Usually, when the disk is compressed, the Nucleus is forced back and to one side, usually invading the space occupied by the spinal cord and spinal nerves. This is called a 'bulging disk'. If the Nucleus material reaches the outside layers of the disk and leaks outside the spinal column, it is called a 'disk herniation' and is like a flat tire. As a result, the nerves and spinal cord are trapped (pinched). This trapping causes partial or total malfunction of nerve impulses going in and out of the spinal cord. Muscles, organs and the brain receive altered messages. Sometimes, this can cause disabling pain, numbness and weakness in various parts of the body.

anesthesia3.jpg 

Point 4:
Manipulation Under Anesthesia, combined with post MUA rehabilitation, is a protocol that leverages the vertebrae to shore up the Nucleus back towards the center. This process allows scar tissue to build within the fibrous layers to seal off the layers and keep the Nucleus in the center. This is possible due to the fact that decompression is occurring when the spine and its associated muscles are completely relaxed. There is no spasm or splinting action in the spine to interfere with the decompression process. The re-setting of the Nucleus will result in a partial or total return of the normal disk height, improved movement and flexibility, reduction and elimination of pain and numbness, strengthening of muscles and body parts. How long a disk has been bulging, herniating and malfunctioning, will determine how much of the disk will heal properly. It is difficult, if not impossible to regain full 100% function of a damaged disk. The objective of the MUA is to 'gather' the disk material by leveraging the plane surfaces of the vertebrae above and below the disk displacement, and maneuvering the soft material to the center. The intent is to restore as much of the integrity and function as possible, and prevent deterioration of the disk over time. The procedure is performed in approximately 22 minutes. It is usually repeated 3 times on 3 consecutive days.

What patients are saying about the MUA combined with post-MUA rehabilitation...

Rebecca– MUA Date: April 2004
I suffered from daily migraines that were uncontrollable by normal medications. I also had constant stiffness in my shoulders and neck. The main reason I decided to go through the MUA procedure was because after reading and researching about the procedure, I found the success rate to be very high. That coupled with just the possibility of no longer suffering from chronic migraines was encouragement enough to go through the procedure. It has been nearly a year and I have no pain. This was the best choice I ever made regarding my health. I would recommend to anyone with migraines and chronic back pain – it has changed my life!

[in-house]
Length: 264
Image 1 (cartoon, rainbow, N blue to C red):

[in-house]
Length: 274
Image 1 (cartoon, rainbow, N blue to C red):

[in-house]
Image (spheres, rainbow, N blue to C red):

The MUA offers relief at an astounding 75% to 85% success rate for the following conditions:
1. Herniated, slipped and bulging discs with or without complications
2. Degenerative disc disease
3. A relapse or failure following surgery even with multiple levels of herniation
4. Facet syndromes
5. Sciatica

Manipulation Under Anesthesia uses a combination of specific short lever manipulations, passive stretches and specific articulate kinetic (body movement) maneuvers in order to initially break up fibrous adhesions and scar tissue around the spine and surrounding tissue. Then the post MUA rehabilitation allows the adhesion and scar tissue to reform with the vertebra in their more normal position.

The treatment is performed in a surgical center by our licensed physicians with specialized training and certification specifically for the procedure. A team approach is necessary and critical to a safe and successful outcome.

The team includes the anesthesiologist, the prime physician who performs the manipulation, and the first assistant, also a physician/chiropractor certified in Manipulation Under Anesthesia.

This is not a new or experimental procedure; this treatment has been part of the manual medical arena for more than 60 years. Manipulation Under Anesthesia is an established medical procedure with a CPT code designate of 22505. This is noted in the American Medical Association’s Current Procedural Terminology Publication.

Call (201) 387-2800 to schedule an appointment to see if M.U.A. is appropriate for you and your condition.